When doctors disagree with each other, they usually couch their criticisms in careful, measured language. In the past few months, however, open conflict has broken out among the upper echelons of US psychiatry. The focus of discord is a volume called the Diagnostic and Statistical Manual of Mental Disorders, or DSM, which psychiatrists turn to when diagnosing the distressed individuals who turn up at their offices seeking help. Regularly referred to as the profession’s bible, the DSM is in the midst of a major rewrite, and feelings are running high.
Two eminent retired psychiatrists are warning that the revision process is fatally flawed. They say the new manual, to be known as DSM-V, will extend definitions of mental illnesses so broadly that tens of millions of people will be given unnecessary and risky drugs. Leaders of the American Psychiatric Association (APA), which publishes the manual, have shot back, accusing the pair of being motivated by their own financial interests – a charge they deny. The row is set to come to a head next month when the proposed changes will be published online. For a profession that exists to soothe human troubles, it’s incendiary stuff. […]
Some of the most acrimonious arguments stem from worries about the pharmaceutical industry’s influence over psychiatry. This has led to the spotlight being turned on the financial ties of those in charge of revising the manual, and has made any diagnostic changes that could expand the use of drugs especially controversial. “I think the DSM represents a lightning rod for all kinds of groups,” says David Kupfer of the University of Pittsburgh, Pennsylvania, who heads the task force appointed by the APA to produce the revised manual.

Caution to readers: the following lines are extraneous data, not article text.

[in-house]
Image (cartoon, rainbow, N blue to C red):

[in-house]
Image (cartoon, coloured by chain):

New Scientist: Psychiatry’s civil war
December 17, 2009 at 4:17 am
Superb episode of ‘This American Life’ on how one specific change was made to the DSM…
December 17, 2009 at 6:55 pm
The history of the DSM is strange and scary. It makes sense that the definitions would evolve as our knowledge changes, but changes to the DSM have differnt ramifications than advances in other areas of medicine. With a roll of the DSM, you could be sane one day but diagnosable the next, or vice versa. Check out the brief history on Wikipedia: http://en.wikipedia.org/wiki/Diagnostic_and_Statistical_Manual_of_Mental_Disorders
Also of note in this context: http://en.wikipedia.org/wiki/Rosenhan_experiment and http://www.bmj.com/cgi/pdf_extract/293/6548/641 and http://ajp.psychiatryonline.org/cgi/content/abstract/138/2/210 (how the DSM can potentially be used to disenfranchise and stifle dissent).